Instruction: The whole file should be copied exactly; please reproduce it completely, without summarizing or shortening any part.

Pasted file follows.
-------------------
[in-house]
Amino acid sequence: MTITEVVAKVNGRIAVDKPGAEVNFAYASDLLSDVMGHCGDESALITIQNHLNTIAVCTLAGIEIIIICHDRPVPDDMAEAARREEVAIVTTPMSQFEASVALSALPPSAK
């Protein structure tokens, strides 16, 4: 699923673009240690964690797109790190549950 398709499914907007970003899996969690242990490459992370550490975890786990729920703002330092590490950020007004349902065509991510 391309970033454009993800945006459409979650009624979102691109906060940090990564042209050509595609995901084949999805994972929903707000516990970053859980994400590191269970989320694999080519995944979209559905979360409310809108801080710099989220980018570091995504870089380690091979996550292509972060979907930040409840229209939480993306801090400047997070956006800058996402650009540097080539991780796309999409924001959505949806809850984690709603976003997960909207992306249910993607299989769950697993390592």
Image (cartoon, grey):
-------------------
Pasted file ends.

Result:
[in-house]
Amino acid sequence: MTITEVVAKVNGRIAVDKPGAEVNFAYASDLLSDVMGHCGDESALITIQNHLNTIAVCTLAGIEIIIICHDRPVPDDMAEAARREEVAIVTTPMSQFEASVALSALPPSAK
């Protein structure tokens, strides 16, 4: 699923673009240690964690797109790190549950 398709499914907007970003899996969690242990490459992370550490975890786990729920703002330092590490950020007004349902065509991510 391309970033454009993800945006459409979650009624979102691109906060940090990564042209050509595609995901084949999805994972929903707000516990970053859980994400590191269970989320694999080519995944979209559905979360409310809108801080710099989220980018570091995504870089380690091979996550292509972060979907930040409840229209939480993306801090400047997070956006800058996402650009540097080539991780796309999409924001959505949806809850984690709603976003997960909207992306249910993607299989769950697993390592």
Image (cartoon, grey):